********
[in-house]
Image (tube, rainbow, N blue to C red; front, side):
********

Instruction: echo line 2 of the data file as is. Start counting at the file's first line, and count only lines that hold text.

Image (tube, rainbow, N blue to C red; front, side):